Advantageous Effects of Invention

The present invention provides a fluid handling device that can easily separate a droplet.

BRIEF DESCRIPTION OF DRAWINGS

FIG. 1A is a schematic plan view illustrating a configuration of a fluid handling device according to Embodiment 1;

FIG. 1B is a cross-sectional view of the fluid handling device taken along line 1B-1B illustrated in FIG. 1A;

FIG. 1C is a sectional view of the fluid handling device taken along line 1C-1C illustrated in FIG. 1A;

FIG. 2A is a schematic plan view illustrating a configuration of a main-body part that the fluid handling device includes;

FIG. 2B is an enlarged sectional view of area 2B circled in FIG. 2A taken along the YZ plane;

FIG. 2C is an enlarged sectional view of area 2B circled in FIG. 2A taken along the XZ plane;

FIGS. 3A and 3B are schematic sectional views illustrating a state in which a droplet moves through a main channel when the fluid handling device according to Embodiment 1 is operated;

FIGS. 3C and 3D are schematic sectional views illustrating a state in which a droplet is captured in a first chamber;

FIGS. 3E and 3F are schematic cross-sectional views illustrating a state in which a droplet is introduced into a second channel;

FIG. 4A is a schematic plan view illustrating a configuration of a fluid handling device according to Embodiment 2;

FIG. 4B is a schematic plan view illustrating a configuration of a main-body part that the fluid handling device includes;

FIG. 4C is an enlarged sectional view of area C in FIG. 4A taken along line 4C-4C;

FIG. 5A is a schematic plan view illustrating a configuration of a fluid handling device according to a modification of Embodiment 2;

FIG. 5B is a schematic plan view illustrating a configuration of a main-body part that the fluid handling device includes;

FIG. 6A is a schematic plan view illustrating a configuration of a fluid handling device according to Embodiment 3;

FIG. 6B is a schematic plan view illustrating a configuration of a main-body part that the fluid handling device includes;

FIG. 7A is a schematic plan view illustrating a configuration of a main-body part that a fluid handling device according to Embodiment 4 includes;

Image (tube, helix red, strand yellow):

FIG. 7B is an enlarged sectional view of area 7B circled in FIG. 7A taken along the YZ plane;

FIG. 7C is an enlarged sectional view of area 7B circled in FIG. 7A taken along the XZ plane;

FIG. 8A is a schematic plan view illustrating a configuration of a fluid handling device according to Embodiment 5; and

FIG. 8B is a schematic plan view illustrating a configuration of a main-body part that the fluid handling device includes.

DESCRIPTION OF EMBODIMENT Embodiment 1 (Configuration of Fluid Handling Device)

FIG. 1A is a schematic plan view illustrating a configuration of fluid handling device 100 according to the present embodiment. FIG. 1B is a cross-sectional view of fluid handling device 100 taken along line 1B-1B illustrated in FIG. 1A. FIG. 1C is a sectional view of fluid handling device 100 taken along line 1C-1C illustrated in FIG. 1A. Fluid handling device 100 includes thin plate-shaped main-body part (substrate) 110, and first cover part 182 and second cover part 184 joined to a pair of surfaces 112 and 114 of main-body part 110, respectively. Note that, hatching is omitted in FIGS. 1B and 1C.

FIG. 2A is a schematic plan view illustrating a configuration of main-body part 110. FIG. 2B is an enlarged sectional view illustrating the vicinity of surface 112 in area 2B circled in FIG. 2A taken along the YZ plane. FIG. 2C is an enlarged sectional view of area 2B circled in FIG. 2A taken along the XZ plane. Note that, for ease of explanation, FIG. 2B illustrates a state in which surface 112 of main-body part 110 is covered with first cover part 182, and channels are thus formed. The same applies to FIGS. 3A to 3F described below.

Fluid handling device 100 includes first channel 120 that communicates between inlet 122 and outlet 124, a plurality of first chambers 130 that are spaces formed by widening of first channel 120, a plurality of second chambers 140 disposed in pairs with the plurality of first chambers 130, respectively, and second channels 150 that communicate between first chambers 130 and second chambers 140. All of these channels and chambers are formed by covering with first cover part 182 recesses formed in surface 112 of main-body part 110. Fluid handling device 100 further includes collection parts 160 that are spaces formed between, on the one hand, second chambers 140 formed by covering with first cover part 182 the recesses formed in surface 112 of main-body part 110 and, on the other hand, openings 165 opened in surface 112 of main-body part 110.